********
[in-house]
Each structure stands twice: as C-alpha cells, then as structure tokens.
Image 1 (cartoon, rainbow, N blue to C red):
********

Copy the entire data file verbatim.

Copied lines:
[in-house]
Each structure stands twice: as C-alpha cells, then as structure tokens.
Image 1 (cartoon, rainbow, N blue to C red):